Hiking Devon’s coast
Patricia G. Mankin
Hiking Devon’s coast
When the coast of England is written about, the focus usually is Cornwall and Land’s End, but this past autumn I happily discovered what is known as the West Country, or the Devon coastline.
A 5-hour train ride from Gatwick Airport carried me to the West Country and Barnstaple, one of the oldest towns in Great Britain. I noted with pleasure not having seen a single billboard on the excursion from Gatwick.
This trip was a week of hiking along Devon coastal paths and through Exmoor National Park.
The hikemaster, Andrew Bull, picked me up at the quaint Victorian train station and we set off across some of the most unforgettable landscape in all of England.
Devon is a land of the greenest patchwork fields divided by lovely, thick hedgerows. There is a rather stark austerity to this land but a very definite romanticism.
Drenched in atmosphere
Our first night’s lodging was in a 16th-century manor house sitting alone on one of the most hauntingly beautiful moors I have seen.
Upon entering this home I had the distinct feeling I was in a Masterpiece Theater production or, better yet, in a setting straight out of an Agatha Christie mystery (our hostess was a “dead ringer” for Miss Marple). Needless to say, it was exactly what I had in mind.
The first two days of our hike were met with constant drizzle and gale winds, but somehow this intensified the feeling of isolation on the sweeping moors. It seemed England was meant to be experienced in this way.
When the sun shone on the third day, the views of the defiant serrated coast stopped me in my tracks: a more dramatic view I thought, “This is the England I came to see.”
Historically, this whole coast has been the scene of continuous strife, the bay itself a rendezvous for the British fleet from the 15th century. It has echoed to the noise of battle throughout the ages. Smugglers and pirates have anchored there – the small ports are full of legends and stories.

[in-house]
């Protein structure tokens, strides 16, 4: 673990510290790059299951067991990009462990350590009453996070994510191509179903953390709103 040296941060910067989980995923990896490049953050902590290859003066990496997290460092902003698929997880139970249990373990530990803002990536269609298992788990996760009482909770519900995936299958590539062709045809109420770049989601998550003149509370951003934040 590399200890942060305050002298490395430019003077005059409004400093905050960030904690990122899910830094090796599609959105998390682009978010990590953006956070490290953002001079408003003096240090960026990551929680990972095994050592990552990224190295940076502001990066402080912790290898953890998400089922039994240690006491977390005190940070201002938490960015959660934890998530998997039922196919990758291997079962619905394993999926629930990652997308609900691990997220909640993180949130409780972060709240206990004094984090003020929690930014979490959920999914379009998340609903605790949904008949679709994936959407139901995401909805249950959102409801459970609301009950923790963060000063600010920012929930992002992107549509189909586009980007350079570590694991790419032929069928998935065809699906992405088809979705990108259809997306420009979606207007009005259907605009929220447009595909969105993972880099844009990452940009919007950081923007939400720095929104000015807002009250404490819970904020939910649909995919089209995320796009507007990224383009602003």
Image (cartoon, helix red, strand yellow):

Aside from this imcomparable coastline, the world of Devon comprises ancient Norman churches, thatched whitewashed cottages and quaint untouched villages.
“Lorna Doone” country
Andrew Bull and family reside in the gorgeous little village of Croyde, which looks out onto the Atlantic. I have yet to find it on any map of Great Britain.
We were treated to the famous Devon cream teas and devoured Devon clotted cream, fresh scones and strawberry jam.
A great deal of the land through which we passed is managed by the National Trust and thus protected from changing with the passage of time. I found it reassuring that the set perimeters of the villages are just that: set, and not to be exceeded. We could learn something from this.
A number of farms are owned by the people but managed and protected by the National Trust. These Devon farms are neat and compact and boast some of the prettiest pastures and fields in England.
Exmoor has a wild, brooding sort of quality. As I stood on the highest point, my gaze was drawn across the moors to Bristol Channel in the distance.
The views were stunning and, making it even more interesting, the area was the historical focus of the book “Lorna Doone.” Mr. Bull regaled us with this wonderful story as we hiked past points of interest that inspired R.D. Blackmore to write this epic.
On our way to Lynmouth and Lynton we passed a lovely, religious retreat of matchless architecture placed perfectly on a cove; it over-looked the sea from one side and those pristine fields on the other.
Lynmouth and Lynton are Victorian resorts with respectable hotels and villas built with turrets to catch the sea views. These two towns are built at the junction of the East and West Lyn Rivers before their flowing into the sea.
From Lynmouth to Lynton on the hill above, you can take the only lift available on any long-distance foot-path. This is the 19th-century cliff railway, which is operated by an ingenious system of hydraulics and rises 950 feet.
At Lynmouth we stayed at a wonderful Victorian lodge on a hill over-looking the Bristol Channel. At night we could gaze across and see the lights of Wales.
The lovely, old Victorian hotel in Lynton has entertainment in the evenings with a sound reminiscent of World War II songs. The interior design rivets your eyes to the endless detail.
I don’t believe it’s my imagination, but I have always noticed in England there is a rather diffused lighting to the landscape. This seems to accentuate, for me, the timelessness of the country. It draws me back again and again.
There really is no substitute for seeing a countryside on foot with the wind in your face and the endless diversity of the landscape to intrigue you. I can’t think of a landscape that would make one come to this realization with more conviction than that of Devon.
PHOTO : The views of the defiant serrated coast stopped me in my tracks. I thought, “This is the England I came to see.”
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